Burkina Faso: Weaker focus on prevention may lead to higher HIV transmission rates in young people

| February 1, 2021

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In Burkina Faso, efforts to prevent HIV transmission have decreased recently, which may be leading to less awareness and higher infection rates amongst young people. Many youth in the country believe that by avoiding sexual relations, they can’t be infected. Too many don't know how to protect themselves, where to go for testing, where to go if they are infected, and don’t systematically screen themselves. Those who test positive often discover their status during medical appointments for other infections. HIV is rebounding in the country. While the state is still focused on HIV, it prioritizes care of HIV-positive people to the detriment of efforts to prevent new transmissions.

Pierre Sioho is 21 and works delivering water in the city of Bobo Dioulasso, in western Burkina Faso. He has only bits and pieces of information about HIV and AIDS. He vaguely remembers the information he received through the media when he was little. He says, “I know that AIDS is a deadly disease. It is caused by the lack of hygiene when you eat with dirty hands or when you wash poorly.” But apart from jingles on HIV and AIDS, he doesn’t get much information about the disease these days.

This ignorance is one reason why infection rates are rising among youth in western Burkina Faso.

The AIDS prevalence rate is 0.7% in Burkina Faso. But the epidemic is experiencing a rebound, especially amongst youth. According to the World Health Organization, more than 500 youth between 14 and 20 are infected by HIV every day globally. According to the 2019 UNAIDS report for Burkina Faso, the prevalence among 16-24 year-olds is 0.4% for females and 0.3% for males. The resurgence was noted in 2012 and has been attributed to a relaxation of preventative measures.

Like Mr. Sioho, the majority of youth in the West Region of Burkina Faso ignore HIV and AIDS and the ways in which it can be transmitted.

Sylvie Sanou is a student at Bobo Dioulasso secondary school. She is 16, but can name only one method of transmitting the HIV virus: sexual relations. She says she has never been interested in a medical screening. She adds: “I haven’t been tested for HIV yet because I have never had a boyfriend in my life. Indeed, I hear people talk about sexual ‘tontine’ where old men offer girls money in exchange for sexual intercourse. But these are rich people’s children who do this. My mother told me to get my high school diploma, and nothing else. So I don’t have anything to do with boys.”

But it’s more than just sexual relations that can lead to the transmission of HIV. The virus can be contracted from a blood transfusion, and by handling infected objects such as needles, blades, and knives. If infected, a mother can also pass the virus to her child during birth.

Boukary Diallo is an unemployed 23-year-old in Bobo Dioulasso. He also has little knowledge about this subject. He says, “To have a girlfriend, you need money. Which I don’t have because I don’t have a job. So why do I need to worry?”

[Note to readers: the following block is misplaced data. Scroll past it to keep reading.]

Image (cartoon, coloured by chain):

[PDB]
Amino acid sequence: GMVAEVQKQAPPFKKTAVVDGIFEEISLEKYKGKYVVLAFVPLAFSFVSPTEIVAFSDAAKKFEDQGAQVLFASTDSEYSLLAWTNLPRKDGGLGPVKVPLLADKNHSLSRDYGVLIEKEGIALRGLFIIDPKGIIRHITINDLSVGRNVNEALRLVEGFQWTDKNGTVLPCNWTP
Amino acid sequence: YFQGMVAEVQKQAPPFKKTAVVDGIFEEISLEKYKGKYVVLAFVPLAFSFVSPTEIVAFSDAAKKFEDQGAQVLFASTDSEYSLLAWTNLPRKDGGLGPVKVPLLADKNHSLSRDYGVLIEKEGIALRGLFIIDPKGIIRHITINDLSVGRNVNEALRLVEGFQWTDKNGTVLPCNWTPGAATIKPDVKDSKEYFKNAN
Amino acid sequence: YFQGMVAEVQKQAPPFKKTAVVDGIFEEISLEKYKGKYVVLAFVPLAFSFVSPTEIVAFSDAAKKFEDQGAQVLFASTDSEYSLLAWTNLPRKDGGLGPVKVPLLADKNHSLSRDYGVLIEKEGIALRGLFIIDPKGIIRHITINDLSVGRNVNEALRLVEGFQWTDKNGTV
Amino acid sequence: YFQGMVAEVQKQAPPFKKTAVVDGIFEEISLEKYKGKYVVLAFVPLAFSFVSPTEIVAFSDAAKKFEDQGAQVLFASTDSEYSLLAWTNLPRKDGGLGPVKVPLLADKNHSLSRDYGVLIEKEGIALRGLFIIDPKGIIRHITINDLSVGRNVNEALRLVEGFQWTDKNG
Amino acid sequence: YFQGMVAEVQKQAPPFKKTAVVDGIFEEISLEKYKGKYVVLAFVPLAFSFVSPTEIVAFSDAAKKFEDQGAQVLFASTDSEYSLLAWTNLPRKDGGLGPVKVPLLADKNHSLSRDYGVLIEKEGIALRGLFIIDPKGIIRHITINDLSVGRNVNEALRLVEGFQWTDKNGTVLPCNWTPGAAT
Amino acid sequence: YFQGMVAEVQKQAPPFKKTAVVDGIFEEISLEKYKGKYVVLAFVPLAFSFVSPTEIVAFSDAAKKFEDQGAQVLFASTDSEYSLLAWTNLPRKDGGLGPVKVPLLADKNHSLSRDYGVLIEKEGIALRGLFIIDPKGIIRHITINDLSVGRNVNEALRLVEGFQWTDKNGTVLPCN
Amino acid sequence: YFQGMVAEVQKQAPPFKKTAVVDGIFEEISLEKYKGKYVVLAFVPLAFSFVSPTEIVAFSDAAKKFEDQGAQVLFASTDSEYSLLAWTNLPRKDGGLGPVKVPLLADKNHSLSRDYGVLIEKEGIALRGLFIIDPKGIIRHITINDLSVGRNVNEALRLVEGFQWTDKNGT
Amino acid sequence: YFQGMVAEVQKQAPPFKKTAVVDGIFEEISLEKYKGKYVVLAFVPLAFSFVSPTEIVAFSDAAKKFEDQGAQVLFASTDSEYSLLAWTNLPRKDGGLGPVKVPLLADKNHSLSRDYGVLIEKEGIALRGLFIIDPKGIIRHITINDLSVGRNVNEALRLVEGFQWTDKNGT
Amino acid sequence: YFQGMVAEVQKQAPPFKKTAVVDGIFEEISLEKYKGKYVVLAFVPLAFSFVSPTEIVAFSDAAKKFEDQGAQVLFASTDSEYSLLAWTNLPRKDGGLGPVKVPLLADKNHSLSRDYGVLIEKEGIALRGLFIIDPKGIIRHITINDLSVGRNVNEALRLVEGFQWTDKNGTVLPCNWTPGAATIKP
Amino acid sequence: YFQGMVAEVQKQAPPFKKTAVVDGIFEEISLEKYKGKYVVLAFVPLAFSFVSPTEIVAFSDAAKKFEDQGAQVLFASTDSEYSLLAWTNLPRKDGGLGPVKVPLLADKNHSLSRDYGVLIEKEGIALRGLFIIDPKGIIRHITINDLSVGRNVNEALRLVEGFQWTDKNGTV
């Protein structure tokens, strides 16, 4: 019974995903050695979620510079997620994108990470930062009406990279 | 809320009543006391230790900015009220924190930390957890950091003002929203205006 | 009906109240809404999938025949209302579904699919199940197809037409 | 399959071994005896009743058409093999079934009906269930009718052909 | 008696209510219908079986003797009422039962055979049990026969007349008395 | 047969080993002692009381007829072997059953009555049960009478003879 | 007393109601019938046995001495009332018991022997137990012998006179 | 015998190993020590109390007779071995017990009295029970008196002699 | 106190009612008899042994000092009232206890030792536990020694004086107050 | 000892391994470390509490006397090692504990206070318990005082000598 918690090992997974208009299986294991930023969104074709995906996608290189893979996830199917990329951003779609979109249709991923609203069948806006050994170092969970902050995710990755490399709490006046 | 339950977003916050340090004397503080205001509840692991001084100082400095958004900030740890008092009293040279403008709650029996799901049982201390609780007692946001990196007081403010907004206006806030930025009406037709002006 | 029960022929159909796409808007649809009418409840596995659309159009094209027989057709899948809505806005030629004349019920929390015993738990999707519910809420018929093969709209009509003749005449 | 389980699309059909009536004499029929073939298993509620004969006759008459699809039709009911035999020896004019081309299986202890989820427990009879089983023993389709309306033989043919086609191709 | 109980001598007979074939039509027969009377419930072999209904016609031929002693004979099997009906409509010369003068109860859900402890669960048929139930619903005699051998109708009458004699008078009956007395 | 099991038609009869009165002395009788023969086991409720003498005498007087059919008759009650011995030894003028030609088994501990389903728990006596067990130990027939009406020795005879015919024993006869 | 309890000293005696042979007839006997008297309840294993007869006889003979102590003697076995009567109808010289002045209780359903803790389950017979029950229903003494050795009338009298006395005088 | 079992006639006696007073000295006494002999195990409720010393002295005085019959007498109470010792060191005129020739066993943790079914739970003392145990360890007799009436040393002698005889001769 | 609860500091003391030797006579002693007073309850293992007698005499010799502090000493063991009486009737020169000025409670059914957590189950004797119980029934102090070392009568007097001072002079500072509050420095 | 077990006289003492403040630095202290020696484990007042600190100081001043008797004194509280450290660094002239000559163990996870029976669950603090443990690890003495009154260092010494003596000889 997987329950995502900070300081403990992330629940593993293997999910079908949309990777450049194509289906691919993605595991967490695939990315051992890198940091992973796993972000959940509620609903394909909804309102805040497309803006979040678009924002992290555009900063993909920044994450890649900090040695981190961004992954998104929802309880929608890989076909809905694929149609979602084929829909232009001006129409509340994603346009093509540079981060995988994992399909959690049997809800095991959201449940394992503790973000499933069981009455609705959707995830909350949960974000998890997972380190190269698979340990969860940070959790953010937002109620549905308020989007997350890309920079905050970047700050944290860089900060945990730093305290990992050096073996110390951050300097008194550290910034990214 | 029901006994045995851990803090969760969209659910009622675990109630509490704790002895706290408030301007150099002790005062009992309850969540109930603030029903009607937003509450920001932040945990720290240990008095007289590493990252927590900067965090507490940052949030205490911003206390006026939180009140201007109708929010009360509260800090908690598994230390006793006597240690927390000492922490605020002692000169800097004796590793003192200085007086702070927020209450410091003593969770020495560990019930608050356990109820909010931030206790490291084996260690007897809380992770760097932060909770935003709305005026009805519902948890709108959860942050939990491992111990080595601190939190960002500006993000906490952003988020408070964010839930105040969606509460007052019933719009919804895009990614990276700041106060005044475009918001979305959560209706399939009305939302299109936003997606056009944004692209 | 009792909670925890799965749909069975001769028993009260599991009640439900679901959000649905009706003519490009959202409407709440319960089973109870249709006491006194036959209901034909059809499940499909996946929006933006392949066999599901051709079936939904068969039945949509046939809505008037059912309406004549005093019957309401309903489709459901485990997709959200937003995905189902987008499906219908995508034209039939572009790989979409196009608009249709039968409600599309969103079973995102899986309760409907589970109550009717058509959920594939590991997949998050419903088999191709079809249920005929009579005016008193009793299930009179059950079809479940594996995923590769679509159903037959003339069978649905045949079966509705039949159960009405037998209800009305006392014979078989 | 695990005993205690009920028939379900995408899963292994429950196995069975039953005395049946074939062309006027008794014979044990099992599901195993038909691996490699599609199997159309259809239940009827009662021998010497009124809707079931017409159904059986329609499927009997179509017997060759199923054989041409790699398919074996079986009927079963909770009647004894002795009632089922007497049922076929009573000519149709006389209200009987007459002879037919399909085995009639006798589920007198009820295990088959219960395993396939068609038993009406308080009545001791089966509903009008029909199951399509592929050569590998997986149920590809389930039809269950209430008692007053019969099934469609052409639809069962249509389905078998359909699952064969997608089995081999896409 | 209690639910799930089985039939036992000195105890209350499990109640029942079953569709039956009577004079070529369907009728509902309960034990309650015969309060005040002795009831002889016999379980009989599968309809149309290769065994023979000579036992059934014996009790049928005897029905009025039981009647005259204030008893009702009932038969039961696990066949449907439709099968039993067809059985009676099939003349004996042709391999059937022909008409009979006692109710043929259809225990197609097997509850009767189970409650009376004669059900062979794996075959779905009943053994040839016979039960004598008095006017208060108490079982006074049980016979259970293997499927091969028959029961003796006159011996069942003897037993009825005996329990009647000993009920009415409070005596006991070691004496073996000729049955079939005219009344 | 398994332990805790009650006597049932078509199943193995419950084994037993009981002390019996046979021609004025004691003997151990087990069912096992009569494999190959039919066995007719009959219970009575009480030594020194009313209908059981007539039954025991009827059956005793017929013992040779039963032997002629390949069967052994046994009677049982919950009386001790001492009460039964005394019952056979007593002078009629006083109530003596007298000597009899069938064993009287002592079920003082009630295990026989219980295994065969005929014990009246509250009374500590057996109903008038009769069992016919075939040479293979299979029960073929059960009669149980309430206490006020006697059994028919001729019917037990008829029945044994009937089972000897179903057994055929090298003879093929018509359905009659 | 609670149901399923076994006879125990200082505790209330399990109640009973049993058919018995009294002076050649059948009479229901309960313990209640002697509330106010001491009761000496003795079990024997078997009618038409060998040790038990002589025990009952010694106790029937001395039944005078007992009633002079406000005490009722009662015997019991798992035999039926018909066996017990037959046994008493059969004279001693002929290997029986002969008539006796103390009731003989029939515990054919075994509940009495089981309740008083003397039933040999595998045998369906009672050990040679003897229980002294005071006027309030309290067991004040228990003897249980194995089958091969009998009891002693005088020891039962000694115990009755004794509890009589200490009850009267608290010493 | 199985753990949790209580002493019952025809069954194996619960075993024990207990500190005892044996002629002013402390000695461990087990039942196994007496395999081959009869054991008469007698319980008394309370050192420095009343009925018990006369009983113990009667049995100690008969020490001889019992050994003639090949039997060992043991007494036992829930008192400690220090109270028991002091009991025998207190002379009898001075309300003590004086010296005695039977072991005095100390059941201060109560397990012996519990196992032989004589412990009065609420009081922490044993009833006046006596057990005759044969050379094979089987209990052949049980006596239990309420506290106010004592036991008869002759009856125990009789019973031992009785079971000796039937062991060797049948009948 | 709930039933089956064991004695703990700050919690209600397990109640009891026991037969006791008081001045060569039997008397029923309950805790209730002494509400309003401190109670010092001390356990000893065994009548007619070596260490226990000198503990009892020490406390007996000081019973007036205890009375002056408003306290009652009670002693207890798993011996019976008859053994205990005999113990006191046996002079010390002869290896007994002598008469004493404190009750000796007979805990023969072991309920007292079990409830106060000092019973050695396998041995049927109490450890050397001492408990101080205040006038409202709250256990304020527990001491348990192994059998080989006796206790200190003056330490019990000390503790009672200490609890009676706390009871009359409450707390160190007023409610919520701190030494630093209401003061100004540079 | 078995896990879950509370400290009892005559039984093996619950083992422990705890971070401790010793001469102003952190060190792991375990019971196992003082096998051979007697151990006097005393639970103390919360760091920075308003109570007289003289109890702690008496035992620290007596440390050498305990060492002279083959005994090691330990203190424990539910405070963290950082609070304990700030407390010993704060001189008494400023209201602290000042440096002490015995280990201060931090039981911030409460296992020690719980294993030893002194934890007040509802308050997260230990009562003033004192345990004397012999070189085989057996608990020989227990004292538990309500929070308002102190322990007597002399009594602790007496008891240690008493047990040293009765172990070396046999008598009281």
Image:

This ignorance is partially a result of a decline in preventive activities. In effect, the state and its partners are prioritizing care of HIV-positive people to the detriment of prevention. There is less and less money to fight the spread of HIV.

But schools still focus on raising awareness. Sara Bagre is an 18-year-old student and appears to be up-to-date on HIV and AIDS. She explains: “In class, teachers tell us about the disease, and it scares me a lot because of the stigma that infected people often face. I get tested every month because I know sex is not the only way of transmitting this disease. “

In Bobo Dioulasso, 15% of HIV-positive people have been identified by the medical centre at the NGO Responsabilité Espoir Vie Solidarité (REV pLus). Martine Somba is the president of the board of directors of the NGO. She says: “I see 12, 13, and 14 year-old children already infected. Put yourself in the place of the mother of this child of 12 who will have to carry it all their life, the weight of a chronic disease. It hurts, it hurts a lot.”

Omar Sanou is the head of the national council for the fight against HIV/AIDS and sexually transmitted infections. He says there is no longer a major prevention campaign like there was in the peak years of the disease, such as 1995 to 2000. But activities and discussions continue in an effort to eradicate the disease by 2030, in line with United Nations’ targets.

Mr. Sanou adds that, to achieve this objective, Burkina Faso has drawn up a new framework called the “final framework,” which will soon be approved. He defends the government’s strategy of emphasizing care in an effort to break the chain of transmission. He says that, contrary to what people say, the issue of HIV and AIDS is being tackled head on. Since 2016, the budget for these activities has increased by 5% each year.

This article was produced with the support of the Government of Canada through the project “Promoting health, sexual and reproductive rights, and nutrition among adolescents in Burkina Faso (ADOSANTE).” The ADOSANTE project is led by a consortium including Helen Keller International, Marie Stopes-Burkina Faso (MS/BF), Farm Radio International, the Centre d’information de Conseils et de Documentation sur le Sida et la Tuberculeuse (CICDoc), and the Réseau Afrique Jeunesse Santé et Développement (RAJS).